Pentagon exploring robot killers that can fire on their own
by Robert S. Boyd via fleet - McClatchy Newspapers Thursday, Mar 26 2009, 10:37am
WASHINGTON — The unmanned bombers that frequently cause unintended civilian casualties in Pakistan are a step toward an even more lethal generation of robotic hunters-killers that operate with limited, if any, human control.
The Defense Department is financing studies of autonomous, or self-governing, armed robots that could find and destroy targets on their own. On-board computer programs, not flesh-and-blood people, would decide whether to fire their weapons.
"The trend is clear: Warfare will continue and autonomous robots will ultimately be deployed in its conduct," Ronald Arkin, a robotics expert at the Georgia Institute of Technology in Atlanta, wrote in a study commissioned by the Army.
"The pressure of an increasing battlefield tempo is forcing autonomy further and further toward the point of robots making that final, lethal decision," he predicted. "The time available to make the decision to shoot or not to shoot is becoming too short for remote humans to make intelligent informed decisions."
Autonomous armed robotic systems probably will be operating by 2020, according to John Pike, an expert on defense and intelligence matters and the director of the security Web site GlobalSecurity.org in Washington.
This prospect alarms experts, who fear that machines will be unable to distinguish between legitimate targets and civilians in a war zone.
"We are sleepwalking into a brave new world where robots decide who, where and when to kill," said Noel Sharkey, an expert on robotics and artificial intelligence at the University of Sheffield, England.
Human operators thousands of miles away in Nevada, using satellite communications, control the current generation of missile-firing robotic aircraft, known as Predators and Reapers. Armed ground robots, such as the Army's Modular Advanced Armed Robotic System, also require a human decision-maker before they shoot.
As of now, about 5,000 lethal and nonlethal robots are deployed in Iraq and Afghanistan. Besides targeting Taliban and al Qaida leaders, they perform surveillance, disarm roadside bombs, ferry supplies and carry out other military tasks. So far, none of these machines is autonomous; all are under human control.
The Pentagon's plans for its Future Combat System envision increasing levels of independence for its robots.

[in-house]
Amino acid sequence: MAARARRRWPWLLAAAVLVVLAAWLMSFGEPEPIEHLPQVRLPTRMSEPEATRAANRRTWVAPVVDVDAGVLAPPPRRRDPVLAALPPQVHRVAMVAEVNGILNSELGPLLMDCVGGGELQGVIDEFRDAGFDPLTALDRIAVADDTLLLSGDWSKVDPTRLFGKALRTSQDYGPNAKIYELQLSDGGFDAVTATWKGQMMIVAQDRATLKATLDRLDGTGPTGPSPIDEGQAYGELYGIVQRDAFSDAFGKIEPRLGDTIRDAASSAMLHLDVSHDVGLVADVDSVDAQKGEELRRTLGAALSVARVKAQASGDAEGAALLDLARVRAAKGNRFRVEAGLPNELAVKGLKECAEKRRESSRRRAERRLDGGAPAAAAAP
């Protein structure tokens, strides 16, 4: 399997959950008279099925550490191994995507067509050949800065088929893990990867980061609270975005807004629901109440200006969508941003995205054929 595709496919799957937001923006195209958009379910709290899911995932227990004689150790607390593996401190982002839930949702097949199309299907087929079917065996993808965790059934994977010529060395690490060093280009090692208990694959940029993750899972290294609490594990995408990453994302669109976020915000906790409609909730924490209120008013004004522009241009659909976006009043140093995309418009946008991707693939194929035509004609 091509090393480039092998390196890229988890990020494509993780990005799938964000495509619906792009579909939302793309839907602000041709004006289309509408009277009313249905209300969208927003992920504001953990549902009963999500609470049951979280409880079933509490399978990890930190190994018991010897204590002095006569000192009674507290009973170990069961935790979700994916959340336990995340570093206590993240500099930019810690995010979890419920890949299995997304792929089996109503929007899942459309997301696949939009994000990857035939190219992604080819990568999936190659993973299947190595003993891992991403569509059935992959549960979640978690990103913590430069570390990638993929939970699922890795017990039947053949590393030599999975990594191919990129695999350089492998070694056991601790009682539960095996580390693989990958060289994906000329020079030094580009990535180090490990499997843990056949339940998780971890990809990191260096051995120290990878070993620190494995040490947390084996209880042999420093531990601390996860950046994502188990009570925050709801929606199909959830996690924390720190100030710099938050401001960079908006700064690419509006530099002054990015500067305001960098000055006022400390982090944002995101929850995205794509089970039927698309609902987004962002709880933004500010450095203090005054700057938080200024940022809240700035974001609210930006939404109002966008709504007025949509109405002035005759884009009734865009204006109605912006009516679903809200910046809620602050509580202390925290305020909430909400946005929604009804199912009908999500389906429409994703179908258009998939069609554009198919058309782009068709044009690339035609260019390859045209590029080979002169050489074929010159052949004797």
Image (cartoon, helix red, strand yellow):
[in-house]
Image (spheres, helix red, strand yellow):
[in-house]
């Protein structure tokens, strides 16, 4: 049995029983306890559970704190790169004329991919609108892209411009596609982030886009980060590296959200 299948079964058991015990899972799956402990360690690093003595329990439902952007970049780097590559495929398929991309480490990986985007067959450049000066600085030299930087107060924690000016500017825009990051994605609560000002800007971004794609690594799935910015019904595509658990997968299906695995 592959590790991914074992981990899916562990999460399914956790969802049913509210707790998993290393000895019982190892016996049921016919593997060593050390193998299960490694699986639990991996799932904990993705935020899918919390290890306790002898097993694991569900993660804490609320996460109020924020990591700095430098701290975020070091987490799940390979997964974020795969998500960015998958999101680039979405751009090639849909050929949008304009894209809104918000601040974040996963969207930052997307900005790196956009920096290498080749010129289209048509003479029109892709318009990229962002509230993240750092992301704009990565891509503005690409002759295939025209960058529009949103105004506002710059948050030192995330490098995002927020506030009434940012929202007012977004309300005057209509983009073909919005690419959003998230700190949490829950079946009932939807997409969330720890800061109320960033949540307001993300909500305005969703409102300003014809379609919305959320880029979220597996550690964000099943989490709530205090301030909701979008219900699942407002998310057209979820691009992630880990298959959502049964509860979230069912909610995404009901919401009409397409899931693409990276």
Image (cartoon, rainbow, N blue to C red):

"Fully autonomous engagement without human intervention should also be considered, under user-defined conditions," said a 2007 Army request for proposals to design future robots.
For example, the Pentagon says that air-to-air combat may happen too fast to allow a remote controller to fire an unmanned aircraft's weapons.
"There is really no way that a system that is remotely controlled can effectively operate in an offensive or defensive air-combat environment," Dyke Weatherington, the deputy director of the Pentagon's unmanned aerial systems task force, told a news conference on Dec. 18, 2007. "The requirement for that is a fully autonomous system," he said. "That will take many years to get to."
Many Navy warships carry the autonomous, rapid-fire Phalanx system, which is designed to shoot down enemy missiles or aircraft that have penetrated outer defenses without waiting for a human decision-maker.
At Georgia Tech, Arkin is finishing a three-year Army contract to find ways to ensure that robots are used in appropriate ways. His idea is an "ethical governor" computer system that would require robots to obey the internationally recognized laws of war and the U.S. military's rules of engagement.
"Robots must be constrained to adhere to the same laws as humans or they should not be permitted on the battlefield," Arkin wrote.
For example, a robot's computer "brain" would block it from aiming a missile at a hospital, church, cemetery or cultural landmark, even if enemy forces were clustered nearby. The presence of women or children also would spark a robotic no-no.
Arkin contends that a properly designed robot could behave with greater restraint than human soldiers in the heat of battle and cause fewer casualties.
"Robots can be built that do not exhibit fear, anger, frustration or revenge, and that ultimately behave in a more humane manner than even human beings in these harsh circumstances," he wrote.
Sharkey, the British critic of autonomous armed robots, said that Arkin's ethical governor was "a good idea in principle. Unfortunately, it's doomed to failure at present because no robots or AI (artificial intelligence) systems could discriminate between a combatant and an innocent. That sensing ability just does not exist."
Selmer Bringsjord, an artificial intelligence expert at Rensselaer Polytechnic Institute in Troy, N.Y., is worried, too.
"I'm concerned. The stakes are very high," Bringsjord said. "If we give robots the power to do nasty things, we have to use logic to teach them not to do unethical things. If we can't figure this out, we shouldn't build any of these robots."
© 2009 McClatchy Newspapers
Study claiming bots will be operating in the field by 2020